General Data Protection Regulation (GDPR) , Governance , Legislation & Litigation

Google Wins 'Right to Be Forgotten' Case

EU's Highest Court Says Requirement Only Applies in Europe
Google Wins 'Right to Be Forgotten' Case

Europe's top court has ruled that Google does not have to remove links to sensitive personal data globally when it receives a request from a European resident under the EU's "right to be forgotten" requirements.

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The Luxembourg-based European Court of Justice said the "right to be forgotten" provision should only apply within the European Union. Back in 2014, the court acknowledged the right when it said Google must delete "inadequate, irrelevant or no longer relevant" data from its results when a member of the public requests it.

The Google case started a year ago after the top data protection regulator in France ordered that all links that contain false information about a person or that could harm their reputation should be removed on all Google platforms across the world.

The search giant challenged the regulator, citing censorship issues, and asserted that its users have the right to information.

But the court determined that there is no requirement that companies comply with the "right to be forgotten" clause outside of Europe.

Google commented on the ruling in a statement: "Since 2014, we've worked hard to implement the right to be forgotten in Europe, and to strike a sensible balance between people's rights of access to information and privacy. It's good to see that the court agreed with our arguments."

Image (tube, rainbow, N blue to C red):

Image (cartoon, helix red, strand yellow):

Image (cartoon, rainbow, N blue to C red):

Europe's General Data Protection Regulation, which went into full effect last year, has a separate "right to be forgotten" provision with much broader requirements. The implications of the court's ruling for worldwide enforcement of that provision remain to be seen.

Strong Reactions

The decision has drawn diverse reactions on Twitter.

For example, Umberto Gambini, head of office/senior adviser at the European Parliament, said applying the right to be forgotten globally would be a "stretch."

But another user said the right to be forgotten is incomplete if the rule is not applied worldwide.

Konstantinos Komaitis, senior director, policy development and strategy, at the Internet Society, says that if the provision was enforced globally, it would have had far-reaching consequences on the way the internet operates and how users globally experience the Internet.

"Decisions such as the Google privacy case that apply extraterritorial jurisdiction can result in negative and unintended consequences," he says. "Some states are trying to grab back power over the internet, seeing it as a threat to their authority."

According to its latest transparency report, Google has received almost 850,000 requests for data delistings.

What the Court Says

While ruling that Google does not have to extend the right to be forgotten for European citizens outside of Europe, the court acknowledged that in today's globalized world, information can harm a person's reputation. But it said different countries have different approaches to the right to be forgotten, and hence a universal law cannot be applied.